Have you ever wondered what an appellate court takes into consideration when deciding an appeal?
The answer is that it depends. The fact is that many issues are possible subjects of an appeal. In a recent case, the issues included the admissibility of certain testimony and demonstrative evidence, as well as whether a new trial should have been granted, due to allegedly newly discovered evidence.
Facts of the Case
In the recent (unreported) case of Murray v. Copley Plaza Hotel Operating Company, the plaintiff was a woman who alleged that she was injured at an event that took place in the ballroom of a hotel owned or managed by the defendant. Specifically, the woman claimed that she was struck by a large metal food cart being pushed by two men in matching uniforms and that her right ankle was injured in the accident. Her negligence claim against the defendant was tried to a jury, and the jury returned a verdict in the defendant’s favor. The plaintiff’s motion for a new trial was denied.
The Appellate Court’s Decision
On appeal to the Commonwealth of Massachusetts Appeals Court, the plaintiff argued that the trial court judge erred in allowing testimony from a witness proffered by the defendant, as well as certain photographs of the ballroom and food carts. She also averred that the lower court should have allowed her to introduce hearsay testimony concerning the two men who were pushing the food cart at the time of the accident and that she should have been granted a new trial based on newly discovered evidence.
After duly considering these issues, however, the appellate court affirmed the trial court’s order refusing the plaintiff’s motion for a new trial. With regard to the testimony of the defendant’s witness, the court found that there was nothing irregular about his testimony and that the plaintiff had an opportunity to cross-examine the witness and even re-cross-examine him. Ultimately, it was up to the jury to determine the witness’ credibility. The court likewise found no reversible error with regard to the trial court’s decision to allow photographs of the carts or a step going into the ballroom.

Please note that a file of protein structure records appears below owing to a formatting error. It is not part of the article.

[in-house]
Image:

As to the hearsay testimony proffered by the plaintiff, the court found that, without evidence as to the men’s identity or their relationship to the defendant, it was not an error for the trial court to declare their statements were inadmissible hearsay. Finally, the court determined that the plaintiff was not entitled to a new trial based on newly discovered evidence concerning the workings of the ballroom or the use of carts in such a room. According to the court, these were topics that were reasonably discoverable by the plaintiff in the first trial.
Have You Been Injured on Someone Else’s Property?
Premises liability law offers relief to those who have been injured due to the negligence of a property owner. The experienced Cape Cod premises liability attorneys at the Law Offices of John C. Manoog, III, can explain the respective duties that business operators and landowners owe to invitees, licensees, and even trespassers under Massachusetts law. Call us toll-free at (888) 262-6664 for an appointment to discuss your case. The statute of limitations limits the time an injured person has to file a claim, so do not delay in talking to an attorney about your legal rights following an accident.
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